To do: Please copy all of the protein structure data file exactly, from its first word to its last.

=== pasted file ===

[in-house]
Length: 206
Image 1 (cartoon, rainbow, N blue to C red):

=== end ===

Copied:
[in-house]
Length: 206
Image 1 (cartoon, rainbow, N blue to C red):